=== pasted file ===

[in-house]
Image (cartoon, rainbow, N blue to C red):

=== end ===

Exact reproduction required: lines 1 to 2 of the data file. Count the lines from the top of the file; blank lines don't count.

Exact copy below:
[in-house]
Image (cartoon, rainbow, N blue to C red):